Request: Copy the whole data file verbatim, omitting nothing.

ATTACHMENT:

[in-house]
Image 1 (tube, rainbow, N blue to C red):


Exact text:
[in-house]
Image 1 (tube, rainbow, N blue to C red):